‘Wake up screaming’: Gaza’s children traumatised by Israeli war

As Gaza tries to recover from the deadly 11-day Israeli attack, mothers and mental health workers have raised concerns that the psychological effects of the violence will long linger among the children in the Strip.

“The latest offensive on Gaza took me back to the darkest memories from six years ago when my husband was killed,” said Shehada.

“But this time was even worse. My six-year-old daughter Toleen, who was born five months after her father was killed, was horrified during the offensive.”

Young people were among the most affected groups during the latest Israeli operation on the besieged coastal enclave. Israeli air and artillery attacks killed 253 Palestinians, including 66 children, and left more than 1,900 people wounded.

Two children were among 12 people killed in Israel by rockets fired by Hamas and other armed groups from Gaza during the same period.

The Israeli onslaught also completely destroyed 1,800 residential units in Gaza and partially demolished at least 14,300 others. Tens of thousands of Palestinians have been forced to take shelter in UN-run schools.

Although a ceasefire was reached between Israel and Hamas on May 21, many families continue to suffer. The majority were already traumatised by the 51-day Israeli bombing campaign of Gaza in 2014. That offensive killed more than 2,200 Palestinians, including 500 children.

Reliving trauma

Shehada was newly married at the time and four months pregnant when her husband, journalist Khaled Hamad, was killed by Israeli attacks on the Al-Shuja’iya neighbourhood on July 20, 2014.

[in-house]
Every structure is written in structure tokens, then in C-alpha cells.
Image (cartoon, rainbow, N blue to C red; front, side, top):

At least 67 Palestinians were killed and hundreds more wounded in a night of intense Israeli attacks that Palestinian Authority President Mahmoud Abbas described as a “massacre” at the time.

Shehada described her experience of both wars. “Living in Gaza means having to relive trauma time and time again. War is the ugliest thing in the world. And the real war is the one you have to live with your memories of it.”

Constant nightmares

The worst part of the latest offensive was “being a mother who should be able to calm her daughter” while not being able to, Shehada said.

“It’s very hard to be a mum in Gaza. I was terrified myself. My daughter’s mental state deteriorated severely during the offensive. She was crying hysterically when she heard the bombs,” said Shehada.

“Even now with the ceasefire, Toleen suffers from nightmares. She wakes up screaming in the middle of the night. I try my best to comfort her, but it kills me to see her like this,” she added, sobbing.

Like many mothers in Gaza, Shehada said both her and her daughter need psychological rehabilitation. “Whatever I managed to overcome in the 2014 offensive has come back to haunt me,” she said.

But without many mental health support services available in Gaza, Shehada said most people in the Strip deal with the trauma alone.

“The suffering of my child makes me wonder how many children in Gaza have been suffering throughout their lifetime from the trauma of wars.”


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